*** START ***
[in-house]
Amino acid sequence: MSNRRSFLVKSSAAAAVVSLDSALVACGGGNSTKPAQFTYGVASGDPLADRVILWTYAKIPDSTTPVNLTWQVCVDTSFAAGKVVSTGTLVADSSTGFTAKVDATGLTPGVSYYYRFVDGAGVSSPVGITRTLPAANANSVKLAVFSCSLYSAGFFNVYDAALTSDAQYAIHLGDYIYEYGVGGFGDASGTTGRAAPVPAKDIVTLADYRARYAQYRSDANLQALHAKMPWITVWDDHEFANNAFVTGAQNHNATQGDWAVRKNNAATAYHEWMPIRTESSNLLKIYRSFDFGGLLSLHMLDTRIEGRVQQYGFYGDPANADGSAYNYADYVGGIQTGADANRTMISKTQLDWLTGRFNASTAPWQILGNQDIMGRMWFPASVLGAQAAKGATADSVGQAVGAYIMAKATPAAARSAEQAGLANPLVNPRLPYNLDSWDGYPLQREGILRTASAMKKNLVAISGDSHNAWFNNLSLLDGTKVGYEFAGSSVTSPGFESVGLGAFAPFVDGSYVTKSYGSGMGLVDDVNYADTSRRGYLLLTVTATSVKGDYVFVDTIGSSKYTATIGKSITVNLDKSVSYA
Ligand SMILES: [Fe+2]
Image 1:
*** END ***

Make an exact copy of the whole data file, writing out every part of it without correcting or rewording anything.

[in-house]
Amino acid sequence: MSNRRSFLVKSSAAAAVVSLDSALVACGGGNSTKPAQFTYGVASGDPLADRVILWTYAKIPDSTTPVNLTWQVCVDTSFAAGKVVSTGTLVADSSTGFTAKVDATGLTPGVSYYYRFVDGAGVSSPVGITRTLPAANANSVKLAVFSCSLYSAGFFNVYDAALTSDAQYAIHLGDYIYEYGVGGFGDASGTTGRAAPVPAKDIVTLADYRARYAQYRSDANLQALHAKMPWITVWDDHEFANNAFVTGAQNHNATQGDWAVRKNNAATAYHEWMPIRTESSNLLKIYRSFDFGGLLSLHMLDTRIEGRVQQYGFYGDPANADGSAYNYADYVGGIQTGADANRTMISKTQLDWLTGRFNASTAPWQILGNQDIMGRMWFPASVLGAQAAKGATADSVGQAVGAYIMAKATPAAARSAEQAGLANPLVNPRLPYNLDSWDGYPLQREGILRTASAMKKNLVAISGDSHNAWFNNLSLLDGTKVGYEFAGSSVTSPGFESVGLGAFAPFVDGSYVTKSYGSGMGLVDDVNYADTSRRGYLLLTVTATSVKGDYVFVDTIGSSKYTATIGKSITVNLDKSVSYA
Ligand SMILES: [Fe+2]
Image 1: